MUSA develops, promotes and supports international, national and regional athletic-based activities and facilities.  It strives to provide Jewish athletes the world over the opportunity to share their heritage and customs in competitive athletic settings.  MUSA supports programs that embody the Maccabi ideals of Jewish Continuity, Zionism and Excellence in Sport.  Maccabi USA Builds Jewish Pride Through Sports.

Maccabi USA has been selected by the U.S. Olympic Committee (USOC) as a Multi-Sport Organization (MSO). The nonprofit organization becomes one of 35 MSOs nationwide to be recognized by the USOC for its ability to cultivate a national interest in sport and increase opportunities for participation internationally, nationally and at the grassroots level.

[vc_row][vc_column][vc_column_text]The USC Men’s Rugby Team visited ‘A Place Called Home’ this past weekend to teach intercity children the great sport of rugby. It was a fantastic experience for the team and we feel very privileged for the opportunity to work with such a delightful group of bright young kids. We hope to continue this relationship with A Place Called Home moving forward. Fight on!

Here is a player perspective from team member Jeff Stratford:

“It is both a privilege and a fulfilling opportunity when Trojan Rugby has an opportunity to give back to the community. For many of us, things like financial security and family support are taken for granted. We do not have to travel far from our campus to find communities where these things are not a given. Thankfully there are those in LA who have diagnosed the problems that face densely populated urban environments and offer a remedy in the form of love and understanding. One such organization is ‘A Place Called Home’ at 28th Street and S. Central. We have Trojan Rugger, Mikey McMonigle to thank for introducing us to this group. Having already volunteered his time with them he recognized what an opportunity there was for USC Rugby to give back to the youngsters at A Place Called Home. On November 20th, USC Rugby took a short drive from campus to share their time, energy and enthusiasm for rugby.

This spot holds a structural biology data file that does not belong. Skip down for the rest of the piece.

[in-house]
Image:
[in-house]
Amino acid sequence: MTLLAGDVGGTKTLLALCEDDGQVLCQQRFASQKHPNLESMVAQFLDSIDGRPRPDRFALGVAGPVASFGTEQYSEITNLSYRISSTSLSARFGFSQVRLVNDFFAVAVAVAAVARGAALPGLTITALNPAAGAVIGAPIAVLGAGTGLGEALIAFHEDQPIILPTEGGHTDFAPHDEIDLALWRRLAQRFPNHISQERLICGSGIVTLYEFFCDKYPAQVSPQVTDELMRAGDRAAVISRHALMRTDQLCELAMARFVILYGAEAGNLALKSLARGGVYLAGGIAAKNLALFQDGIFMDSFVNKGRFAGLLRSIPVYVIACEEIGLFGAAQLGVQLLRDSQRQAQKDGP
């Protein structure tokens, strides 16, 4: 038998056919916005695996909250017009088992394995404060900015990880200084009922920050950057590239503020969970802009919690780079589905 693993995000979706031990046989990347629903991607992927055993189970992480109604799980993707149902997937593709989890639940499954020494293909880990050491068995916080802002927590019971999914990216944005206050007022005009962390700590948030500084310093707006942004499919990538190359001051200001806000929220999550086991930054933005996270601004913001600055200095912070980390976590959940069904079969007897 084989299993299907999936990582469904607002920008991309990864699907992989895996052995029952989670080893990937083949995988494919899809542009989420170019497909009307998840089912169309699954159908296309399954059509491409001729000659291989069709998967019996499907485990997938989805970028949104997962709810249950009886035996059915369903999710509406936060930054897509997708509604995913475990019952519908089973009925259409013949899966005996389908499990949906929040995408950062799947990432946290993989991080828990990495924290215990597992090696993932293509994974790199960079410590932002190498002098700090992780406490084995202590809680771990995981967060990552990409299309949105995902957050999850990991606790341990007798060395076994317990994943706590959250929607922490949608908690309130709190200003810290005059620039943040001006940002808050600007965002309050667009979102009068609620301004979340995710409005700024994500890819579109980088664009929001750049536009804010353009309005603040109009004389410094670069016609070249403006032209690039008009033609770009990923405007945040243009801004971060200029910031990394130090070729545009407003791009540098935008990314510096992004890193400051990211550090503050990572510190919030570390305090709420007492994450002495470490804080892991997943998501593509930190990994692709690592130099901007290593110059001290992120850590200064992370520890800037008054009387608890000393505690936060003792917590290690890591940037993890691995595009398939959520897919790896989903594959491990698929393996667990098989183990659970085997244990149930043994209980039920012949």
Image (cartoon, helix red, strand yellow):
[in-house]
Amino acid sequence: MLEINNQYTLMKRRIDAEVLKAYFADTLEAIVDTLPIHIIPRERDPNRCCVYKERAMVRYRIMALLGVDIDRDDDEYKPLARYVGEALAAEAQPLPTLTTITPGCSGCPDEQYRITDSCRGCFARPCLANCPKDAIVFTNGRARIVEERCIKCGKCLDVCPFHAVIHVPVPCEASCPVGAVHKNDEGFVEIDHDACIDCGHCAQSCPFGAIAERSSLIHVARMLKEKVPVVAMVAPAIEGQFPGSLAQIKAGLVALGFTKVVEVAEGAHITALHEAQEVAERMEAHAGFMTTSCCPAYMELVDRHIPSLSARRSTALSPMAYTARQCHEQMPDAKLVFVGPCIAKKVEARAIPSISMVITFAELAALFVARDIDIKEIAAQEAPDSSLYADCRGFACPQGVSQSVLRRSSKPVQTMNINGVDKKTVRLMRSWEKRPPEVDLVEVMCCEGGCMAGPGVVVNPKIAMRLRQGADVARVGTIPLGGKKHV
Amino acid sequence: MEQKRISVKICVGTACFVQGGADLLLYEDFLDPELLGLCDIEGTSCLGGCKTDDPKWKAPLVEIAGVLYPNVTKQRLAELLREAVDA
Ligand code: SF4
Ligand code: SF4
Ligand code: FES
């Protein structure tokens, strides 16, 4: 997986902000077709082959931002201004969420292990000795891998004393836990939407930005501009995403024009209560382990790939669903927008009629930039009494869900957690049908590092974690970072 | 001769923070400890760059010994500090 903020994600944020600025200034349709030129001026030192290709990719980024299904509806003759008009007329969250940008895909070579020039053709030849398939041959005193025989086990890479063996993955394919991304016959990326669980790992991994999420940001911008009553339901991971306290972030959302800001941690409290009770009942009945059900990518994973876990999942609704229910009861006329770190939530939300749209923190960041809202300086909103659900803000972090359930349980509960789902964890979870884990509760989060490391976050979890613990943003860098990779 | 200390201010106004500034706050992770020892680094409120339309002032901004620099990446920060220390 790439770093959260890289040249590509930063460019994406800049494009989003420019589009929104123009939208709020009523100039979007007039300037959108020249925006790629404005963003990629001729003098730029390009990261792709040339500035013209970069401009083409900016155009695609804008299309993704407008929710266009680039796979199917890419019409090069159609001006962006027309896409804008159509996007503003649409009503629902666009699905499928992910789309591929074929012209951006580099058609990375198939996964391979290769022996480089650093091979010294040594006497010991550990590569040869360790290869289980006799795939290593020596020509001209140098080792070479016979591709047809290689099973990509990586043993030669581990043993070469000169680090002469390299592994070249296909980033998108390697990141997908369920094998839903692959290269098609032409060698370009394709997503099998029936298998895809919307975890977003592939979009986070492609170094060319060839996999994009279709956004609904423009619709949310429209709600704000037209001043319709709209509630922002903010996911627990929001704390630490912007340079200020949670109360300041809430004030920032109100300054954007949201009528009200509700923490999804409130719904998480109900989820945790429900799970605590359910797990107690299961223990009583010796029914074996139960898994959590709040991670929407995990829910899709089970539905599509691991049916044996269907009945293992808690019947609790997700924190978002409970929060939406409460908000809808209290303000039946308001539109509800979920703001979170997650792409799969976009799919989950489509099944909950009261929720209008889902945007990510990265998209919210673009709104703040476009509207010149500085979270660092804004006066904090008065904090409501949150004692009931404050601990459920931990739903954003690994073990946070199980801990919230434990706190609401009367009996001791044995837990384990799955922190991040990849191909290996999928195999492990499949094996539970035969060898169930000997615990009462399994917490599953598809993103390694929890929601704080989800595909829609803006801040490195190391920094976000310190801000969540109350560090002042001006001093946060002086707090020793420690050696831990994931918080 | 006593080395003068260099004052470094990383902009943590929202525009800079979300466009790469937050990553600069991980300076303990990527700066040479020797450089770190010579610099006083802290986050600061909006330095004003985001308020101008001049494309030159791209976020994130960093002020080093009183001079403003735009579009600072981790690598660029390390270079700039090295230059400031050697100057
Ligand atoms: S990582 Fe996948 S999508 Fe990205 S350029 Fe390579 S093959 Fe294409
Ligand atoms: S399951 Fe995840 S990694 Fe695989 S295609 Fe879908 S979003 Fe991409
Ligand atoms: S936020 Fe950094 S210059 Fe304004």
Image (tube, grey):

After arriving, their field was swarming with a mixture of college athletes and children of all ages. The children began in three stations to learn the basics of the game. The critical skills of passing and tackling were taught before putting it all together for a game of touch. With a little instruction and a whole lot of encouragement, the kids quickly started to look like a team putting on moves against the experienced Trojan Ruggers. Ask anyone on the team about the kid’s tackling and they may be embarrassed to tell you the truth. But let it be known that these kids could hit and more than once I found myself knocked down and absolutely flabbergasted. All it takes is hard work and determination for rugby to take these kids places. That much became evident. Finally a game was organized to illustrate the importance of having fun on the pitch. USC Rugby was pitted against all the kids in a modified sort of tag. The ball was passed among USC players who after catching the ball had to keep their feet still. If any of the kids were tagged by the ball they were out. With that, the day culminated with smiles and screams of joy for everyone involved. In moments like this, it becomes obvious how volunteering one’s time is perhaps the simplest and most rewarding thing one can do. Rugby already has so much to offer in the way of teamwork, discipline and physical fitness. These are all concepts that make for bright and healthy people. It truly was a privilege to give our time to A Place Called Home. We hope to maintain a continued relationship with this amazing organization and the entirety of our surrounding community. Thanks for having us!”

[/vc_column_text][vc_video link=”https://www.youtube.com/watch?v=B76yLef095M”][/vc_column][/vc_row][vc_row][vc_column][vc_column_text]APCH 008[/vc_column_text][/vc_column][/vc_row]

By Adam Bushell

Nearing the end of the preseason, the skills and strategies implemented by new Head Coach Loa Milford are beginning to fall into place. The team travelled to Cal State University Northridge this past weekend to gauge this progress.

Off the kickoff, USC was sluggish and slow to set the tempo of the game as was the mission statement established beforehand. Within ten minutes the Trojans had conceded an unconverted try to put the team down by five. Shaken up by the unexpected first few passages of play, USC shifted up a gear and was able to level the score after a more promising passage of play. USC’s second score came from a line break through a porous CSUN defense and a last minute offload to Carl Acquire meters from the line to put the score at 12-5 before the half. The second half saw both teams enter a grid lock of possession for the majority of the half, each teams only getting one more score a piece. USC become evermore nervous as CSUN closed in on Trojan territory with only one try between the two teams, but USC’s defense held off the Matadors. The score at the final whistle was 19-12. 

The Trojans would have liked to have created a bigger deficit, particularly in the second half, so there is still more work to be done late on into the preseason. However, a win will be accepted graciously and the gain of momentum will be important going into the Trojan’s last preseason game against UCLA on December 5th.